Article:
When you’re a kid, your friendships are some of the most important parts of your life. As kids, we have the time to devote to cultivating our friendships. Mainly because we have no other real responsibilities. As a kid, friends come and go for various reasons. But the childhood friends who stay, the ones we choose to keep around, are the most special. And if you manage to keep those friends through the trials of adolescence and into adulthood, cherish them.
Childhood friendships that last into adulthood are precious, because you’ve chosen to keep them. We need to celebrate those friendships.
I am incredibly lucky to still have a few chosen friends from childhood. Like any other friendship, ours ebb and flow over the years. But those childhood friends have been here for me whenever I need them, and that’s always what amazes me. We’ve known each other for over 30 years, and we’re all still a part of each other’s lives.
When I was a toddler, my mom enrolled me in dance class, and it was in that class that I met two girls who would become my best friends. Although we would occasionally drift apart during our childhoods, whenever we would reconnect, it was as if no time had passed. Our bond remained strong even when we had other people who held the title of “best friend.” Because labels and daily chats don’t matter when you understand the importance of your childhood friends.
As teens and young adults, our lives began to veer, but we still kept our word. That was when I truly began to understand the value of childhood friendships. I went off to college, the first one to really fly the coop. But I made it a point to see them or talk to them, regardless of where I was living. Because I understood how important it was that we stay friends, I became the one who made it happen. Whether that meant just reaching out to check in, or arranging a get together when we all had time. It was important to me that we stayed in each other’s lives.
I think the teens and early-20s are when childhood friendships fall apart. You’re all growing into the person you’re becoming and asserting your independence. You might realize who doesn’t fit in your life anymore or you might move away and move on.
Growing up and moving away is a test for childhood friendships. Sometimes, living close to each other is the thing that cradles your bond, and losing that geographical closeness means you also lose some of your emotional closeness. Then, you’re making new friends and having new experiences. With these new friendships, you can be a new version of yourself and no one knows any better. You’re not being held against who you were before. That’s fine, but then there are times you miss the people who you can talk about old times with.
As adults, it’s a lot harder to maintain our childhood friendships, but we try. We live very different lives and live far away from each other. We haven’t been together in probably ten years, and yet, our bonds remain strong. When one of them got married, I stood as her witness. And then when the other got married, I was supposed to be a bridesmaid, but life happened. I still feel horrible years later, but it’s never been an issue in our friendship. When I had my son, they were both super supportive, and they love him as much as they love me.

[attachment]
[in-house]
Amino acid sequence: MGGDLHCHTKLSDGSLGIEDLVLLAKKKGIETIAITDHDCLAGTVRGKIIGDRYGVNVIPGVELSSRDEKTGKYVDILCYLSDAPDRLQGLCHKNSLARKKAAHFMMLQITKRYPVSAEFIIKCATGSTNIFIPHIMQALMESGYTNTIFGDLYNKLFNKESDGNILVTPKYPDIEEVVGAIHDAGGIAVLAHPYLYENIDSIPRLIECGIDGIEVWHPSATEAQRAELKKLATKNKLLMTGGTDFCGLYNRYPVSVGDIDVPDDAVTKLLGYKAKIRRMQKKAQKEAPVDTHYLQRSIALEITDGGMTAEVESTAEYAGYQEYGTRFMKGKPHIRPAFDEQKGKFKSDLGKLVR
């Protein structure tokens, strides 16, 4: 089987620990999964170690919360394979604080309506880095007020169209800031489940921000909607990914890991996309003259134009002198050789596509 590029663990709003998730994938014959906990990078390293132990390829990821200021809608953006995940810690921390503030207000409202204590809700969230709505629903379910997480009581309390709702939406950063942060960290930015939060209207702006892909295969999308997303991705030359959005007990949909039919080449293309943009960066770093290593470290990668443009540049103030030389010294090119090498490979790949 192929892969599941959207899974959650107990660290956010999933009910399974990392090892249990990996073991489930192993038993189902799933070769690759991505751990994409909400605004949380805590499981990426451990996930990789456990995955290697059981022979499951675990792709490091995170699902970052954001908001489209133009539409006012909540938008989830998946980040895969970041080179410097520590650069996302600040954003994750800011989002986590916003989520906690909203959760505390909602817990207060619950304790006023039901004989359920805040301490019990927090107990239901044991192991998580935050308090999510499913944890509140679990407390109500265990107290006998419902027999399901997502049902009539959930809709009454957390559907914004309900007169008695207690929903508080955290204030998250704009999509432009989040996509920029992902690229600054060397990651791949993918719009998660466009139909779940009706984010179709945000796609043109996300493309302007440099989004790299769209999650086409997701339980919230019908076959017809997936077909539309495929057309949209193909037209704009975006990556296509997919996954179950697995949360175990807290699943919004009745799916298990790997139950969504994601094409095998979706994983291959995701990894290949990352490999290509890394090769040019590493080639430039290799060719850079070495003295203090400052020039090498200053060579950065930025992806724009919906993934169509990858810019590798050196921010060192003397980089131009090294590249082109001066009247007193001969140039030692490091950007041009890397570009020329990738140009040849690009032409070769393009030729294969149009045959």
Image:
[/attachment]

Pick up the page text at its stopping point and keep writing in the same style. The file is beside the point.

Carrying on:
People are always in shock when we talk about how long we’ve known each other. Because we’re still pretty young, it’s hard to wrap your head around a 30-year friendship.
But when you’re in your 30s and you’ve been friends since your toddler years, that’s what happens. Choosing to continue our childhood friendships with each other feels easy, but it’s still a choice. Even with social media, it’s easy to fall off each other’s radar. But we never do. We make a decision every day to be there, even if it’s only just to check in on Facebook every couple of months.
Adulthood isn’t easy on any friendships, but especially childhood friendships. So many new people have come into your lives, creating all new bonds. Spouses, partners and children can take up all of your time and energy. Work is a necessary evil, but it doesn’t leave you with much free time. Making the time for your childhood friends gets a lot harder, especially if they live far away. It may mean planning a specific trip to see each other, or if you happen to be in their city, grabbing a quick dinner. Being together, however brief, always feels like coming home.
Maintaining your childhood friendships as an adult isn’t easy. It takes a conscious amount of effort. But it’s worth it. When you’ve been friends with someone since you were in diapers, they know you. Not the you the world gets to see, but the real you. They’ve been there to watch you learn and grow into adulthood. And they’re a part of that growth, directly or indirectly. Childhood friendships, and how you treat them, lay the groundwork for adult friendships. Because those friends teach you how to be a friend. If you’re lucky enough to still be in each other’s lives into adulthood, never ever take that gift for granted.
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